My trip to DC so far

Everyone is insane

Getting ready for DC

The End of Days (of song): Microsoft Songsmith Example

The Very Model of a Modern Major General

Browser Bigotry

The Death of your Soul: Microsoft Songsmith

Creative Development or Developing Creatively?

Race to Witch Mountain

The Myth of Wikipedia (or the Wiki-1400)

Online/Offline Sales -- is it really that bad?

Is PayPal Tacky?

Old School Web Design Still Works

Domain Squatting

Christmas Fire

Green Chri$tma$

QA 101

Portland Snow

Get some return on that web traffic

I think they have a backup...

I'd love to have that problem

The [un]importance of statistics

Don't be a tool of viral marketing

CAT Scan!

Follow up to the shoulder injury

Emails, discussions, blogs, wiki and web content

Ironic Injury

On the Santa Monica Pier

You Designed for Print First

You let someone else register your domain name

You figured .biz, .info, .us would work fine

What's after the Integrated Circuit?

Intelligent life is out there (but it's bugger all down here on earth)

Subject Matter Experts Talking Other Subject Matter

The Totalitarian Regime of Apple

Oversimplifying how people work


Creative Services for the New World

Reverse Anthropomorphism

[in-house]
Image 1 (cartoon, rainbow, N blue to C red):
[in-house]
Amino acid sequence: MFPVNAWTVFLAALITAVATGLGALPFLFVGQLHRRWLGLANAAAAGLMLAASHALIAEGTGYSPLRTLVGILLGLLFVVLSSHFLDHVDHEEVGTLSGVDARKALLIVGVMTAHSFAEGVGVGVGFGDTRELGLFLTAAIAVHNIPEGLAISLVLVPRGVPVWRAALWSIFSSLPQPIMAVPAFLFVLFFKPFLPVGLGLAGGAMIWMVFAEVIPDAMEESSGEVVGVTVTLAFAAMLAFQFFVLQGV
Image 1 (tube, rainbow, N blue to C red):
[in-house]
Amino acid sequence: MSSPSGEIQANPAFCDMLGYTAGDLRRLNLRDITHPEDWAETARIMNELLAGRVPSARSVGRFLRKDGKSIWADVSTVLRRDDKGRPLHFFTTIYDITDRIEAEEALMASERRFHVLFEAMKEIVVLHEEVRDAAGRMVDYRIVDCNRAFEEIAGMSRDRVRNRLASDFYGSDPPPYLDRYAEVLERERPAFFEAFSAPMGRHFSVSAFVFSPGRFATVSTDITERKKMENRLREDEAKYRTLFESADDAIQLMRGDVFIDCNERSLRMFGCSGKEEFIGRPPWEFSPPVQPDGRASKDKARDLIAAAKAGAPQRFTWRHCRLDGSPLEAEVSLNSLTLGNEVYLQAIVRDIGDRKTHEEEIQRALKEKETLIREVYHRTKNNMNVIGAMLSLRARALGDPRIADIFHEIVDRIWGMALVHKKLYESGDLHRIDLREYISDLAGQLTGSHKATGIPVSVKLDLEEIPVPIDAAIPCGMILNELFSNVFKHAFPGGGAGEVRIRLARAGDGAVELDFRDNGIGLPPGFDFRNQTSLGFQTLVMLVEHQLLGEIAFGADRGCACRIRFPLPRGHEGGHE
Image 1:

The End of Time

Oil prices and birdsong

Watching Starship Troopers AGAIN!

Better Living Through Twitter

Lessons Learned From Apple

It's the Brand, Baby

Business Architecture vs. Web Construction

On Truth

You can't build life

Accidentally Drunk in Portland

Al Gore the Winner

Intelligent life is out there (but its bugger all down here on earth)

Aussie Rules Football

Trip to Nostalgia Land

I am such an idiot

Long day of travel

Miami -- as far from Portland as you can go in the US

Inverse Peter Principle

Random Knowledge

I'm fascinated with modern plumbing

Leaving Seattle (or why you should keep your ticket close)

On the Rails

The Hive

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A book unopened is but a block of paper
2009-12-31 08:21:27

I'm a big believer in open communication and information. You can't make informed decisions, learn new things and grow if you don't have easy access to facts, and it's amazing to me how often we don't have access to facts. Political censorship actively clouds what we can learn -- and I don't just mean government politics; corporate, scholarly, and individual politics shape a lot of what we know.

But information that disappears into bowels of academia also puts a huge hole in what's been known and can be learned. The classic example is the Roman Library of Alexandria in Egypt. We know some of what was in that library before it burned, things like the circumference of the Earth and its location in the solar system. Things that hundreds of years later the Church was burning people for heresy... knowledge that we think of as part of the modern world but was very much a part of the ancient world.

But we don't know what was lost. There were too few copies of the books that were stored in Alexandria. There were no backups, no copies stored at some other library -- that was it. And when it burned, that was that, it was gone.